“In every job to be done, there is an element of FUN.
You find the fun, and snap! -the job’s a game!” – Mary Poppins
Game-based learning (GBL) uses games of all types as tools to encourage students’ creativity, innovation and problem-solving abilities.
In this approach, the teacher shifts away from the traditional knowledge source role, and allows students to practice learning through a higher degree of self-direction and discovery.
In short, game-based learning is useful in promoting higher-order thinking and conceptual learning – and since it’s done through games, students hardly notice the learning happening!
This evolving tool is not new to educators, it has been used variously in classrooms since the 1970s. From board games to role-playing (RPG) and even digital-based games. One digital example is The Oregon Trail, the well-regarded historical series of educational computer games that began in 1971. It was followed by the ever-immersive SimCity, developed in 1989.
While some educators feel game-based learning is fruitless, or too time-consuming to integrate into their curriculum, it’s important to realize how beneficial GBL can be and how successful, especially for today’s learners. In addition to making learning more fun, game-based learning:
Creativity, tenacity and problem-solving are all essential to success in “the gaming world.” Well-crafted learning games promote a deeper understanding of targeted concepts, while strategic games build the students’ patience, forward-thinking and design-thinking skills.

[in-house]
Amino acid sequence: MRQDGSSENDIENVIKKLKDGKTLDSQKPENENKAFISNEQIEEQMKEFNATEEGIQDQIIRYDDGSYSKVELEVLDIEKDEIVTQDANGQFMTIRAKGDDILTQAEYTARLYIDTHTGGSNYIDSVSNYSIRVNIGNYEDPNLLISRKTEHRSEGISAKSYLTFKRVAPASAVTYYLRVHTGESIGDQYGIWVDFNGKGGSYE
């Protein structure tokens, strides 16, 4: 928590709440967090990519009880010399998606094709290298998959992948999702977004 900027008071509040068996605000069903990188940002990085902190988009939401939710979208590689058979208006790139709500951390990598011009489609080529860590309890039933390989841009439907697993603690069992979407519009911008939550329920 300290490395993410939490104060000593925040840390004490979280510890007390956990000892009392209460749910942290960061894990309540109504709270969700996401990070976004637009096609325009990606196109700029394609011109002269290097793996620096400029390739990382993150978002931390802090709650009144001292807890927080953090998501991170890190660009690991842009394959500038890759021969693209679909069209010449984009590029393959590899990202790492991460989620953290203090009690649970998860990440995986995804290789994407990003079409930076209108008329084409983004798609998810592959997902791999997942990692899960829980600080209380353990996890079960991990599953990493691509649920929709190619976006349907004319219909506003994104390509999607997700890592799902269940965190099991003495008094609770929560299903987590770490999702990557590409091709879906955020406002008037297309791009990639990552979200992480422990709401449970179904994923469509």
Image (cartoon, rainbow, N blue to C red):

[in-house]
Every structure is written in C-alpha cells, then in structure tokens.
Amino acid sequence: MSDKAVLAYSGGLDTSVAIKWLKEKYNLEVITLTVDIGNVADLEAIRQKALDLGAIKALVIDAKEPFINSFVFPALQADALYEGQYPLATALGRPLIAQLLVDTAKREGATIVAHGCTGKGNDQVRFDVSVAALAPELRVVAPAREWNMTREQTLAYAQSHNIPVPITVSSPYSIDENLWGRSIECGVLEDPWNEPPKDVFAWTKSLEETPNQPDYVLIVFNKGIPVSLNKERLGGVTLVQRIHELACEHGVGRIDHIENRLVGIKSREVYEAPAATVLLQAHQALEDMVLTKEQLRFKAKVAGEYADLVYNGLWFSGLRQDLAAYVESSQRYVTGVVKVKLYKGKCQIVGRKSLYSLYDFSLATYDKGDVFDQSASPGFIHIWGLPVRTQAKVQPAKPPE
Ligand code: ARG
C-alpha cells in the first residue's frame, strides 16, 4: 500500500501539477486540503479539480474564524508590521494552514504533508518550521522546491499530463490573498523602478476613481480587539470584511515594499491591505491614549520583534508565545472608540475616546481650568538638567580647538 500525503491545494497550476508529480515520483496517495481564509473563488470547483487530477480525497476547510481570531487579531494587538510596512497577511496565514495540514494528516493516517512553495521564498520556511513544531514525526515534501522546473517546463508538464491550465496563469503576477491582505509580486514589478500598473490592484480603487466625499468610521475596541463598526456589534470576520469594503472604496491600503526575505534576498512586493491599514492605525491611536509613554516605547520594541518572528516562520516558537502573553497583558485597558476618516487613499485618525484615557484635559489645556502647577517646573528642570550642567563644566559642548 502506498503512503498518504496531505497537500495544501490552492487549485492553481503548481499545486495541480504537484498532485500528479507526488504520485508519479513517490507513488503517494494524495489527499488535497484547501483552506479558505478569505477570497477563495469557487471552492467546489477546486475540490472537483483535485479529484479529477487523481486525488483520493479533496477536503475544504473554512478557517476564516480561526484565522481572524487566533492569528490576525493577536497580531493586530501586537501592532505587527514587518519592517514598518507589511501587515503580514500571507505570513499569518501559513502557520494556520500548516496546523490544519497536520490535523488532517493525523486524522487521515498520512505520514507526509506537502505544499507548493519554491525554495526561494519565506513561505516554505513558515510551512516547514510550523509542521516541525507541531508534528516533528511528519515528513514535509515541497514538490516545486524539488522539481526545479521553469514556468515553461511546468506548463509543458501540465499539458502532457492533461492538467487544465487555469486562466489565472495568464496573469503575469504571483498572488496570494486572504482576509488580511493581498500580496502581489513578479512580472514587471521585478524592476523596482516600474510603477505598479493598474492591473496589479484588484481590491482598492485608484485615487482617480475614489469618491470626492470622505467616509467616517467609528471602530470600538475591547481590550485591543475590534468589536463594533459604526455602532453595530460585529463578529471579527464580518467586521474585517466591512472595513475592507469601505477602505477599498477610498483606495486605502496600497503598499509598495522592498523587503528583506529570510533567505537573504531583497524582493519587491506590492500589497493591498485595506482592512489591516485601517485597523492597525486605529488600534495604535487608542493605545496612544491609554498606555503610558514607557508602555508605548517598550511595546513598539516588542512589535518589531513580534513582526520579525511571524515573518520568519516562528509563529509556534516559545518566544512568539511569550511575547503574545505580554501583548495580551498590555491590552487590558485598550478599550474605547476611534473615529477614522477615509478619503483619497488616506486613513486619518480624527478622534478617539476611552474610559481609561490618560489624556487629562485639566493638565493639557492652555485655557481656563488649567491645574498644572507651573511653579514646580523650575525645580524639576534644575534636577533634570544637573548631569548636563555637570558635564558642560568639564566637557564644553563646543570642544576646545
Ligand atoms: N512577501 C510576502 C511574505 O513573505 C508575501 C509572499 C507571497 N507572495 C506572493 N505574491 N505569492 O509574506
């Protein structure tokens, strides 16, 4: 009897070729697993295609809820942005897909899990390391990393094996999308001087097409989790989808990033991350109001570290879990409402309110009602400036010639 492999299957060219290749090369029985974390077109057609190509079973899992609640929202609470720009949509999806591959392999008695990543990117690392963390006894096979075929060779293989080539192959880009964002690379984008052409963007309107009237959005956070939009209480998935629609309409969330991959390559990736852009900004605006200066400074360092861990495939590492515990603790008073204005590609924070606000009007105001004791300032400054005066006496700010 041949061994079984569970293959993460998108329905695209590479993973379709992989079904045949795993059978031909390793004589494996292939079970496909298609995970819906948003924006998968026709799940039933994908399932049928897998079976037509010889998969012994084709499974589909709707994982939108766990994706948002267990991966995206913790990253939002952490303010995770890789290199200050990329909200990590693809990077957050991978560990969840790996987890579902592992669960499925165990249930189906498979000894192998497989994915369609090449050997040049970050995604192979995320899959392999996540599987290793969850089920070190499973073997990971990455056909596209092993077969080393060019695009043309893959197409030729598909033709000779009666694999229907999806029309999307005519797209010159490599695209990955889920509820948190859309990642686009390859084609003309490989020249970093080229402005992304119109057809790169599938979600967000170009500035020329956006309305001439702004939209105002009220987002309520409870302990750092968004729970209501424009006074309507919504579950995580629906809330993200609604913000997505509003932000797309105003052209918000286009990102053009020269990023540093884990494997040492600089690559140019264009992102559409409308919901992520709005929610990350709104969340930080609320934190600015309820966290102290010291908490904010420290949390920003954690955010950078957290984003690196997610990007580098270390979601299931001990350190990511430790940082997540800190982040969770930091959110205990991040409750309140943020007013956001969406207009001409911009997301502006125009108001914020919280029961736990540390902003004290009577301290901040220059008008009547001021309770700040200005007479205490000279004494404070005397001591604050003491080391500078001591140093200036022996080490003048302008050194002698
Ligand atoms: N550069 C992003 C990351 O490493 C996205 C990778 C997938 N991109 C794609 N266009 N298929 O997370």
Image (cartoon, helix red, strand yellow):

In most digital games the player must solve mysteries and overcome roadblocks, but the ability to replay the difficult parts over and over makes it possible to persevere, to re-strategize, and to pass through the challenges and obstacles.
Like the world of games, real life, real learning and real success require things like flexible thinking, deep pattern recognition, and winning persistence.
According to a study conducted by Columbia, NYU and City University of New York, 99% of boys and 94% of girls (ages 12-17) play between 7 to 10 hours of digital games per week.
Given this number and the benefits of GBL to modern learners, it’s no surprise that games of all kinds have been established as powerful teaching and learning tools, worthy of consideration by all educators.
Introducing ideas to students through a game is only half the battle. Following up on their progress and understanding is the more difficult part of the process.
Happily, your Aimee page allows you to:
Got a few minutes to spare? Here is an easy slideshare explaining the difference between GBL and “Gamification.”
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